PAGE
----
“Perhaps we should outsource the HR function.” Heresy or just a fact of corporate life?
Would business leaders fight for your HR function?
It’s the Board meeting at your organisation, and a Director says; ‘the company next door has cut the budget for HR by 30% by outsourcing the entire department – we could do that.’ What would happen next? A riot of objection, or a thoughtful pause while it’s considered?
How do companies decide what their own HR function is worth?
If business leaders aren’t shocked at the thought of losing their HR partner, ie. the person who they feel supports them, your case is lost. If HR hasn’t already established a great reputation, it’s too late now. This scene demonstrates the importance of political savvy – being continuously well positioned, so that you can ride out crucial moments like these. Whether the Head of HR is in the room or not (and that’s a subject for another time), you’d like this idea to be rejected, fast. You’d like them to feel attached to you.
If your organisation starts to talk about outsourcing HR, it could be your political strategy that’s falling short, not your professional competence or even your effectiveness. It’s one thing adding real value; it’s another getting the credit for it. In order to do this, recognition has to be built into every conversation, whether in the board room or on the factory floor.
How do you feel about consciously building your reputation? HR people tend to have an uncomfortable relationship with organisational politics. It often seems best to avoid or ignore it, rather than get into an unseemly squabble or, worse, be seen as ‘political’. If that’s the case, then in fact you have selected your political strategy – passive.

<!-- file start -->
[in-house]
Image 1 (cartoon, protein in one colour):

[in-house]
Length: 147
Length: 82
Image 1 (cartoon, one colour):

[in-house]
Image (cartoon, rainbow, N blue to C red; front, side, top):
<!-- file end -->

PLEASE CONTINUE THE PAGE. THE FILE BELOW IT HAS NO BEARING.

It isn’t enough to be good; HR has to be seen to be good.
Let’s get back to the question – why not outsource your HR function? The answer needs to come to your mind – and out of your mouth – pretty quickly. One answer came during my recent interview with a Head of HR*, who knew her HRBPs were hitting the spot when a business leader said; ‘My HRBP meetings are the highlights of my week’. Digging deeper into this, she learned that the HRBP was enabling them to think long-term, and to hold true to their people strategy; to ‘push back against the short-term dynamic.’ The value of this to a leader, and to the business, is immeasurable.
Yes, there are decisions to be made about the best model to deliver HR, especially when it’s predicted that 60% of HR activities will be automated. Maybe those are ripe for outsourcing. However, leaders will always stand by HR people who add wisdom and insight, and ask great questions that help them to think, and to succeed.
However, if you can’t rely on leaders in your business to stand up for you and the value you add, you’d better brush up on your TUPE.
*Read the complete interview with Sarah Neale, Head of HR for Gazprom Marketing & Trading